More articles by:

CounterPunch Magazine

minimag-edit

bernie-the-sandernistas-cover-344x550

zen economics

May 24, 2017
Paul Street
Beyond Neoliberal Identity Politics
Daniel Read
Powder Keg: Manchester Terror Attack Could Lead to Yet Another Resurgence in Nationalist Hate
Robert Fisk
When Peace is a Commodity: Trump in the Middle East
Kenneth Surin
The UK’s Epochal Election
Jeff Berg
Lessons From a Modern Greek Tragedy
Steve Cooper
A Concrete Agenda for Progressives
Michael McKinley
Australia-as-Concierge: the Need for a Change of Occupation
William Hawes
Where Are Your Minds? An Open Letter to Thomas de Maiziere and the CDU
Steve Early
“Corporate Free” Candidates Move Up
Fariborz Saremi
Presidential Elections in Iran and the Outcomes
Dan Bacher
The Dark Heart of California’s Water Politics
Alessandra Bajec
Never Ending Injustice for Pinar Selek
Rob Seimetz
Death By Demigod
Jesse Jackson
Venezuela Needs Helping Hand, Not a Hammer Blow 
Binoy Kampmark
Return to Realpolitik: Trump in Saudi Arabia
Vern Loomis
The NRA: the Dragon in Our Midst
May 23, 2017
John Wight
Manchester Attacks: What Price Hypocrisy?
Patrick Cockburn
A Gathering of Autocrats: Trump Puts US on Sunni Muslim Side of Bitter Sectarian War with Shias
Shamus Cooke
Can Trump Salvage His Presidency in Syria’s War?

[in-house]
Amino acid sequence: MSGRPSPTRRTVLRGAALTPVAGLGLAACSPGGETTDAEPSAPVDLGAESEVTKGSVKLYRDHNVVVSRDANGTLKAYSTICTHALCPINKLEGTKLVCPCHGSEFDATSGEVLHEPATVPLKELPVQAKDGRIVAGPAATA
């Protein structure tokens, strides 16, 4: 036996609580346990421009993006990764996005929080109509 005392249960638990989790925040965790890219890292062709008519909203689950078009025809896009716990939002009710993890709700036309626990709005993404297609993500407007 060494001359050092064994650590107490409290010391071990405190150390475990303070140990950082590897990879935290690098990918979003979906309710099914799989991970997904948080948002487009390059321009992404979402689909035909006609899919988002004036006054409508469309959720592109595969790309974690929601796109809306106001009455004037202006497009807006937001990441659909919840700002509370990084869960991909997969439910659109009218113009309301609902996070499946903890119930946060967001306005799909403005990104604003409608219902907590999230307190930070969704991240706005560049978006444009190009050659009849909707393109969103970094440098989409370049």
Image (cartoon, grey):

Thomas S. Harrington
“Risk”: a Sad Comedown for Laura Poitras
Josh White
Towards the Corbyn Doctrine
Mike Whitney
Rosenstein and Mueller: the Regime Change Tag-Team
Jan Oberg
Trump in Riyadh: an Arab NATO Against Syria and Iran
Susan Babbitt
The Most Dangerous Spy You’ve Never Heard Of: Ana Belén Montes
Rannie Amiri
Al-Awamiya: City of Resistance
Dimitris Konstantakopoulos
The European Left and the Greek Tragedy
Laura Leigh
This Land is Your Land, Except If You’re a Wild Horse Advocate
Hervé Kempf
Macron, Old World President
Michael J. Sainato
Devos Takes Out Her Hatchet
L. Ali Khan
I’m a Human and I’m a Cartoon
May 22, 2017
Diana Johnstone
All Power to the Banks! The Winners-Take-All Regime of Emmanuel Macron
Robert Fisk
Hypocrisy and Condescension: Trump’s Speech to the Middle East
John Grant
Jeff Sessions, Jesus Christ and the Return of Reefer Madness
Nozomi Hayase
Trump and the Resurgence of Colonial Racism
Rev. William Alberts
The Normalizing of Authoritarianism in America
Frank Stricker
Getting Full Employment: the Fake Way and the Right Way 
Jamie Davidson
Red Terror: Anti-Corbynism and Double Standards
Binoy Kampmark
Julian Assange, Sweden, and Continuing Battles
Robert Jensen
Beyond Liberal Pieties: the Radical Challenge for Journalism
Patrick Cockburn
Trump’s Extravagant Saudi Trip Distracts from His Crisis at Home
Angie Beeman
Gig Economy or Odd Jobs: What May Seem Trendy to Privileged City Dwellers and Suburbanites is as Old as Poverty
Colin Todhunter
The Public Or The Agrochemical Industry: Who Does The European Chemicals Agency Serve?
Jerrod A. Laber
Somalia’s Worsening Drought: Blowback From US Policy
Michael J. Sainato
Police Claimed Black Man Who Died in Custody Was Faking It
Clancy Sigal
I’m a Trump Guy, So What?
FacebookTwitterGoogle+RedditEmail